When selecting your first llama or adding an animal to enhance your breeding
program, consider the following points as you select your choice of sex, age, type, and coloring.

Ask the llama's heritage. Not only parents, but as far back as known. Ask to see pictures.
Was this llama the first offspring of it's dam? Ask to see pictures of other offspring.
Was the birth normal and full term? Was the cria born pre-mature?
Was Mom (or this female) a good mother with plenty of milk? Was a supplemental feeding necessary? Bottle fed or tube fed?
What was the birth weight? Also first weight gains?
Was an IgG done? What was the level?

Ask for the llama to be led away from you. Check the back legs for rubbing or toeing in. Back legs should be straight and track well.
Ask for the llama to be led towards you. Look for knock-knees or bowed legs. Are legs too far to outside of chest? You may ask for legs to be wet down to check knees better as sometimes the wool is misleading.
Run your hand across the back to feel if it humps or sways. Look for a straight topline.
Is there a high tail set or does the back "fall off" into a rounded rump?
Are the neck and legs in proportion to the body? Short neck or short legs? Neck too long?
Are ears long and somewhat hooked? Not short and stubby (called gopher ears).
Is the wool silky, fuzzy, drapey? Short or long? Feel parent's wool quality also if possible. Does it mat easily? Is this the type of wool that you're looking for?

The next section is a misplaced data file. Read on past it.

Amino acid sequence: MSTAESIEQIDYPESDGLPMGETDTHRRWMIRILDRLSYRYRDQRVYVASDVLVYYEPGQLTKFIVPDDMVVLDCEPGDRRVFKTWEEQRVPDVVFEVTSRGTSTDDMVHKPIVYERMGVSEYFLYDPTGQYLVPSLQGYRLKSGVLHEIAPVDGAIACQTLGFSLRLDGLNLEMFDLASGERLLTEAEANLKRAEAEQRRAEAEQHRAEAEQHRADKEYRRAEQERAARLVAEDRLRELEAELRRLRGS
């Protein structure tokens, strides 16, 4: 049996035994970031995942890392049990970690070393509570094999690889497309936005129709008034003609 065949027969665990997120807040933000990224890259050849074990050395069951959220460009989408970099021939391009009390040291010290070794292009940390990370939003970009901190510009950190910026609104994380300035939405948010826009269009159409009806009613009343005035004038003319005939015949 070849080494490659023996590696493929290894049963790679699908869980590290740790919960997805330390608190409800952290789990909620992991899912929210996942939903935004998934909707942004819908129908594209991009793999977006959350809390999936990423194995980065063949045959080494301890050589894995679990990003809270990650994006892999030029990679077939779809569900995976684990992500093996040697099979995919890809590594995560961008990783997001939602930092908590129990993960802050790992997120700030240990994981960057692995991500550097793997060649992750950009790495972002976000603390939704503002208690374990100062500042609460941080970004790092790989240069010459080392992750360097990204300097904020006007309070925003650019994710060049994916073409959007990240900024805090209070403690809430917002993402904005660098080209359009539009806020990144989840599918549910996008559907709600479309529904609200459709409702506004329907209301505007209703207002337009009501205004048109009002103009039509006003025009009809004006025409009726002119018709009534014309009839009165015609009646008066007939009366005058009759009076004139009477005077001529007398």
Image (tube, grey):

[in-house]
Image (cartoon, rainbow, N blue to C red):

Is the llama normally built through the body - depth of rib. Too thin or "slab-sided" could possibly result in birthing problems.
Check the llama's weight. Bigger is not better. And actual weight does not mean much unless you know the animal's size and frame. A good hands-on body score is the best test. An overweight animal very often has health and reproductive problems.
Is this llama easily handled and well trained? Parent's personality?

Notice cleanliness of farm and herd. Are most of the nails trimmed, are there appropriate fans in hot weather, is there fresh water, are animals groomed somewhat?
How often does the farm de-worm?
What vaccinations are given?
What are the goals of the farm's breeding program? Is there a breeding program?
Is entire herd bred to one stud? Do they use outside breedings?
Is this farm a "dealer"? Are they buying and selling animals or selling their own offspring. Do they have a full history on the animal?
Do they hand breed or pasture breed?
What do they feed and how much? What kind of hay?
What kind of purchase guarantee does the farm have? Specifics spelled out in writing?
What kind of birthing guarantee?
If a female is purchased, is there a breeding offered or possibly a breeding back?
How and when do they start training?
Are crias weaned from their mothers or left with them until they wean naturally?

If the farm owners can not answer your questions satisfactorily or
cannot show you complete health records, perhaps they have something to hide.

Are You Going To Buy This Llama?

Purchasing Your First Llama

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